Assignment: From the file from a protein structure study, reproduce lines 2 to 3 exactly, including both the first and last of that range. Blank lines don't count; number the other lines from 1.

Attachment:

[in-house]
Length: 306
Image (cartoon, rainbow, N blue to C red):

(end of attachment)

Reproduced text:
Length: 306
Image (cartoon, rainbow, N blue to C red):